Seattle and beyond
Grunge was to the 90s what punk was to the 70s; their vibe and attitude are still alive today. Learn 10 pieces in the style of grunge’s finest!
Welcome to the chaotic world of grunge guitar. The scene started in American cities such as Seattle in the early 90s but quickly became a global phenomenon. Grunge fuses heavy rock with influences from 80s alternative rock acts, such as The Pixies and Sonic Youth. The music also has a strong punk element and it was in part a reaction to the stadium rock scene at time where spandex and guitar solos were replaced with a more basic and direct approach (much as punk had done with prog and rock in the 70s).
The overdriven guitar riff is a central aspect in the grunge style. Another key feature that is often used is a change in dynamics. The concept of having a quieter, softer introduction or verse and a loud and heavy chorus was popularised by bands like The Pixies in the late 1980s and was adopted by many bands including Nirvana and Radiohead who had mega hits with Smells Like Teen Spirit and Creep, using this very approach.
As the music was a reaction to technically complex and self-indulgent rock, grunge guitar is generally fairly straightforward to play. Techniques such as two-handed tapping, sweep picking and legato were generally viewed as no-go areas. Lead guitar is still a feature among many of the bands featured, however, such as the Hendrix-style lead work by Pearl Jam and the frenzied outbursts by Smashing Pumpkins frontman and guitarist, Billy Corgan.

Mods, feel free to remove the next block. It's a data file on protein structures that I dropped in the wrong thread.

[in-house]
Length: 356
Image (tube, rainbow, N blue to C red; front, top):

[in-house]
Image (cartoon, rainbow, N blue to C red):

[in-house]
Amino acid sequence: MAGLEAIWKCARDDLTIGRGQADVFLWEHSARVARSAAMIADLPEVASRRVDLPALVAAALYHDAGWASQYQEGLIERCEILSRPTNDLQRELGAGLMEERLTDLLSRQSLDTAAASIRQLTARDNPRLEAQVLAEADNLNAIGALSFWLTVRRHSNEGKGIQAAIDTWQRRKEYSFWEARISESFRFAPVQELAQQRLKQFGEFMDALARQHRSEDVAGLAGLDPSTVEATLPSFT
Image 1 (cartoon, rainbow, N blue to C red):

The main palette to work from when writing is the ever-popular power chord and Pentatonic scale combination. One element that is popular in grunge is the use of non-diatonic harmony (chromatic chords from different keys). Using non-diatonic harmony can produce dissonant and surprising riffs that sound different to more common chord progressions created from one key. The essential thing to focus on here is the detail in the time feel and tone and the consistency of the delivery.
Many of these GT lessons home in on a particular technique or concept, so here we are looking at the art of putting all the elements together to perform a full grunge song. As this style is all about the energy in the performance, we recorded this month’s tracks live in a new studio facility (Apple Tree Studios) in Dorset. We enlisted the help of rock drummer Alan Dale to perform the tracks and maintain that ‘live’ feel. Our audio features 10 recordings with tabbed out guitar parts. There are also backing tracks with the guitar performances removed.
Many thanks to Universal Audio for the loan of the Apollo interface and to Alan Dale for performing the drums.
The GrunGe movemenT made an everlaSTinG denT in The muSic Scene and in pop culTure